What does the term “xeno-free” mean?

The utility of stem cells in therapeutic applications for regenerative medicine has caused a movement within the scientific community for a more a defined cell culture system. Pluripotent stem cells and other clinically relevant stem cell types all have unique needs in order to proliferate and perform as they would in vivo. Finding suitable cell culture conditions that not only promote proliferation, but also maintain stem cell properties is a difficult task when it seems that the most optimal conditions rely on undefined biological substances and factors derived from serum, feeder cells, growth factors, and other supplements. Today there are a lot of companies that have responded to the market need for ‘defined’ media and package their products as part of a ‘defined’ cell culture system.

With this shift, new labels, such as xeno-free, have become increasing popular as a marketing tool for new product lines. However, what does ‘xeno-free’ really mean? Researching the literature and technical reports provided by many life science research companies implies that the term xeno–free is defined differently depending on the source. It is my understanding that xeno-free is defined as all components (i.e. in the cell culture medium) are derived from the same organism whether it is animal (e.g. bovine) or human. However, if you look closely at several of the defined, xeno-free cell culture media, some do contain human blood derived components and even animal-derived components.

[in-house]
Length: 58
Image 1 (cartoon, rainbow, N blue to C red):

Researchers hoping to develop stem Cell Therapy treatments need to meet the regulatory guidelines and have a cost-effective system that is compatible with their end use. It seems clear that for therapeutic applications, the ideal cell culture medium should be devoid of any animal and/or human derived components, should provide equal or increased performance (e.g. cell proliferation, protein production, etc.) over serum, and would be cost-effective.

Based on the conflicting uses and views of the term ‘xeno-free’, it should be redefined or we should introduce a new label that confers it is a human- and animal-free product. The development and production of human recombinant proteins that are essentially ‘blood-free’ can help to create a defined cell culture media as well as provide consistency and perhaps higher productivity. These products could help us reach our goal of the ideal stem cell media – devoid of any animal or human derived components.

If you are interested in this topic, please see our more recent publications on the topic, “Xeno-free, What Is It?” and “What does Xeno-Free really mean, and why does it matter to cell culture scientists today?

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